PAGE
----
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Microsoft: The SOA road less traveled

Microsoft is doing SOA but in its own way, analysts say, often eschewing the terminology, product categories and even some standards embraced by other major vendors including IBM and BEA. For example, Microsoft sees the ESB not as a product but as a design pattern.

When talking to analysts who cover service-oriented architecture and are studying Microsoft's approach to SOA, a one word description emerges: "different."

Microsoft is operating in a different SOA world from other major software vendors, such as IBM, BEA Systems Inc. and the newly conglomerated webMethods/Software AG, analysts say.

If there's one thing about them that I feel they get, it's that processes are human based. They all start and end with people. I think that's reflected in their overall approach to SOA.
Bradley F. Shimmin 
Principal Analyst of Application InfrastructureCurrent Analysis

"They've always been kind of a different company, and they're staying true to that," said Bradley F. Shimmin, principal analyst of application infrastructure for Current Analysis, who recently met with Microsoft to discuss their approach to SOA.

"Microsoft tends to market things very differently," said Ron Schmelzer, senior analyst with ZapThink LLC., who is researching Microsoft's approach to SOA. "They never have things that are in the same product categories as everybody else. They've been very resistant to any sort of Gartner three-letter acronym. You should give them a hand for doing that."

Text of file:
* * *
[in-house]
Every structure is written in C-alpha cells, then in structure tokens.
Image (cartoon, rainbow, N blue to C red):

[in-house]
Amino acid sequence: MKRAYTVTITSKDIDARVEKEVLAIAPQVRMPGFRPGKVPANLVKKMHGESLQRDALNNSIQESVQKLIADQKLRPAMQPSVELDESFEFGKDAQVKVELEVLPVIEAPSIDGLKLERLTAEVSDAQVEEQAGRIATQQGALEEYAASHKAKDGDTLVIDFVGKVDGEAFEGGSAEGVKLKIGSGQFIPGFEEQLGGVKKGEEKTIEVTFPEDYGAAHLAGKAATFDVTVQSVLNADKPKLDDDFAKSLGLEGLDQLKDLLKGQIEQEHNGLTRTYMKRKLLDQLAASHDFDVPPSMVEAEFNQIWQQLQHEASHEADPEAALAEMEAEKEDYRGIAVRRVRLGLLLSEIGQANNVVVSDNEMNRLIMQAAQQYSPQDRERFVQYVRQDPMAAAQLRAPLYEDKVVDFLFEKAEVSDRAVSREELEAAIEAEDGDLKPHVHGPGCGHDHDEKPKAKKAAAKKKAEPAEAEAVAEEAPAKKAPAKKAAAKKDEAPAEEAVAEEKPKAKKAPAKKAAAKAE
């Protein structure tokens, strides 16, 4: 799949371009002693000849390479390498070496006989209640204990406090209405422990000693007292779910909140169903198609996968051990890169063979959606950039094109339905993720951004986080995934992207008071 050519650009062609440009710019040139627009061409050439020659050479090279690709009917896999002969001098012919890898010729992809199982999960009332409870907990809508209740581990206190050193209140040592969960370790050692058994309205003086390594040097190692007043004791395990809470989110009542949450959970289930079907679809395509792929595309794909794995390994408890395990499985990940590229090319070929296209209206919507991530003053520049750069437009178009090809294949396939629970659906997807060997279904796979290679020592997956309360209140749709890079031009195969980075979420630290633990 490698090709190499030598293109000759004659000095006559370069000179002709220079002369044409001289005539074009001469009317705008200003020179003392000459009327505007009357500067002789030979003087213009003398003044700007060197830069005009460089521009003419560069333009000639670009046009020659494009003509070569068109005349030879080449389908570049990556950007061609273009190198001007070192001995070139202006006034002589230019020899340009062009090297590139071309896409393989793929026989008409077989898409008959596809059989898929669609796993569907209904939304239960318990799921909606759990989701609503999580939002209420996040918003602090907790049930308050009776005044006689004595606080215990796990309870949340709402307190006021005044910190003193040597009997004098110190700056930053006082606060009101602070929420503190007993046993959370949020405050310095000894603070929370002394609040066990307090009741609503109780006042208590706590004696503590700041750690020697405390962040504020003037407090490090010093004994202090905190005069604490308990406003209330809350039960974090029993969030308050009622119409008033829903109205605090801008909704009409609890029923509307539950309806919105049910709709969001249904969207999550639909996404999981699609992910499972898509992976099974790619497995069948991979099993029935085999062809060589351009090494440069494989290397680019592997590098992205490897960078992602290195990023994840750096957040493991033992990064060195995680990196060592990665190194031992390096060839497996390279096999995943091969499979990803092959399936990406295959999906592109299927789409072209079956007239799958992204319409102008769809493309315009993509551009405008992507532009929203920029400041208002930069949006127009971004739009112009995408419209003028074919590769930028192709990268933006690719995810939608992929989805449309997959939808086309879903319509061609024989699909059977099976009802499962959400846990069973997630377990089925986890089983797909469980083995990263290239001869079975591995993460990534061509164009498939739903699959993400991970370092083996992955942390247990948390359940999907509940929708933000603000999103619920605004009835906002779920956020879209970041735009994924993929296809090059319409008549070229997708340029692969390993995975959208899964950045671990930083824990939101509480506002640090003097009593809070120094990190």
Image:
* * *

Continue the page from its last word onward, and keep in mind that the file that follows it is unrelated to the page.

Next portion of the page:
As an example, Shimmin said, "They are enabling SOA but they don't have an SOA suite." But while avoiding some standard SOA product categories, analysts find Microsoft moving forward in the SOA space, although pretty much within their own .NET world with BizTalk server sometimes serving as a hub of sorts.

The analysts point out that Microsoft doesn't have an ESB but offers ESB guidelines and capabilities. Microsoft doesn't support the Service Component Architecture (SCA) and Service Data Objects (SDO) specifications, which offer similar functionality to .NET. Microsoft is not offering Business Process Management (BPM), which is this year's hot topic in SOA, although it is aggressively pursuing workflow technology. , Shimmin said Microsoft has 10 partners that focus on BPM. He is also bemused that Microsoft recently announced .NET support for Business Process Execution Language (BPEL) 1.1 while most SOA vendors are already supporting the newly adopted BPEL 2.0. He said he was told BPEL 2.0 is on the roadmap for later in the year.

"It's another example of how they work within their own universe," he said.

Schmelzer doesn't like portraying Microsoft as if it were in an alternative matrix with .NET as compared with the players in the Java world such as IBM. He said criticism that everything Microsoft does related to SOA is .NET centric, misses the point, or just reflects a Java-bias.

"If you went to IBM and said you want WebSphere but they have to deploy it on the .NET platform," Schmelzer said. "The answer is no. WebSphere is a Java thing. IBM is just as much Java centric in their approach as Microsoft is .NET centric in their approach."

What Microsoft is doing within their .NET world makes sense for their customers and developers, the two analysts agreed.

For example, even though BizTalk is not being marketed as an enterprise service bus, the analysts found mature functionality for supporting SOA in the venerable product.

"They're selling boatloads of BizTalk," noted Jason Bloomberg, senior analyst with ZapThink, "and many of those customers are leveraging it in SOA initiatives, for example." Anne Thomas Manes, research director at the Burton Group Inc., cited BizTalk as the number one offering in Microsoft's SOA efforts.